This past weekend (February 24-25, 2017) the Africa Student Union put on their annual Africa Night. Africa Night is dedicated to celebrate and showcase African history, traditions and culture. Africa Night production includes a play, dance, and a fashion show wrapped into one whole production. The ASU has been working on Africa Night since last semester back in October. Performing in Africa Night has very special reasons for many of their performers. Senior Manny Elsar, who was a dancer and extra, says “it’s an honor” to participate in the organization’s biggest event of the year. Sheweat Laine, a freshman who played Princess Zoya and performed as a dancer, tells me that her reason for participating was for her country Eritera to be represented more. ASU’s hard worked has paid off for sure as both nights of the production sold out by the time the production had rolled around.
Source: UGA Africa Student Union
This year’s production was titled The Mark of Redemption. The Mark of Redemption tells the story of two African tribes: the Himsai and the Ekeri. The main difference between these two tribes is that the Himsai tribe is considered the marked tribe for having white markings on their face, while the Ekeri tribe has no markings on their skin. Throughout the play, the tension between the two tribes grow as the forbidden love between Princess Efua (played by second year student Eseoghene Keniye) of the Himsai tribe and Prince Kojo (played by first year student Ade Afon) of the Ekeri tribe leads to their two tribes heading to war. The play covers many topics such as self love, being accepted, going against the status quoe, and feminism, just to touch on a few. The play even made references to current pop culture such as “Doing it for the culture,” “DMS”, and “Salty Bae.” The play had the audience laughing, crying, in shock, and clapping at all the right parts in the show. Who wasn’t clapping for Queen Selena (played by third year Chinelo Egbosiuba) when she stood up to her husband? Pure #BlackGirlMagic in that moment?
Within the play were four dances (both modern and traditional) and a fashion show after intermission. The dancers were amazing to watch and I wanted to see more (no wonder why ASU has a winning dance team who recently placed first place back in October at UWG dance competition). When freshman dancer Justin Osondu was asked whether he was nervous before dancing for the big crowd, he responded: “Before every dance there is a little nervousness, but after doing it so much the nervousness soon turns into excitement.” The fashion show had included many looks from all over different regions of Africa. Michelle Igboneje-Asor, one of the show’s fashion show coordinators, tells me that she jumped on board because she wanted to help showcase the many beauties and styles her culture has to offer. “We usually only include western styles from previous years but this year, we wanted to try something different,” Igboneje-Asor says. And the audience had loved every second of the fashion show. I know I had thrown out a few “You better slay” exclamations during each section. Most of the models look like they have been modeling for a while instead of a few months. Second year Morgan Palmer says she shook the jitters off when it was time for her to walk: “It is such a blessing to have been chosen to participate in this year’s show.”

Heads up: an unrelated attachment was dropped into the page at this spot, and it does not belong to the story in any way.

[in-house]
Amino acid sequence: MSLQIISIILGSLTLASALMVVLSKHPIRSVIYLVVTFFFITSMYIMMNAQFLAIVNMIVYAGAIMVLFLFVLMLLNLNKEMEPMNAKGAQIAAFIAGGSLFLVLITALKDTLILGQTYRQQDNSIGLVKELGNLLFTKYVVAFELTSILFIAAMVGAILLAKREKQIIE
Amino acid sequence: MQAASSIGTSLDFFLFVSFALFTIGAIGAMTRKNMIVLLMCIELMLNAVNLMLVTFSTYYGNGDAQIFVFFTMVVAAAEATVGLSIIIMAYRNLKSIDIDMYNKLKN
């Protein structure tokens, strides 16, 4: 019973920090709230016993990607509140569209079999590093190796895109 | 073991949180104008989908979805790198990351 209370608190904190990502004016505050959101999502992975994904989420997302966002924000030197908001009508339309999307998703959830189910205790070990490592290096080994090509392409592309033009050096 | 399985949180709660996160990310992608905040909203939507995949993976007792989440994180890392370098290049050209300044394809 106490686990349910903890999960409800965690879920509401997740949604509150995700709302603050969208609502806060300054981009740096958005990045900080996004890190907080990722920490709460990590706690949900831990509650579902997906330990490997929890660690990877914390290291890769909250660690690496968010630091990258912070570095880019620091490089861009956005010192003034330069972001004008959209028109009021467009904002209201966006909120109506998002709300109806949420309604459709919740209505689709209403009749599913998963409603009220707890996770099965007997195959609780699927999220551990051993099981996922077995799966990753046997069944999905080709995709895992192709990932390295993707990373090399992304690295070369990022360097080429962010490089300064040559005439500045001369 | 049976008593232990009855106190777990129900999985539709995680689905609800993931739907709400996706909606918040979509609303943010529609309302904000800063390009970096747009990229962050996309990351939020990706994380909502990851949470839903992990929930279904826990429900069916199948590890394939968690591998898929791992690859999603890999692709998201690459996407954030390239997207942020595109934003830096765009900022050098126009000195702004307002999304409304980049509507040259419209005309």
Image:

The audience had positively responded to the production as a whole, and wasn’t afraid to tell social media how they felt.
Overall, Africa Night 2017 was great and we can’t wait to see how they are going to top this one next year!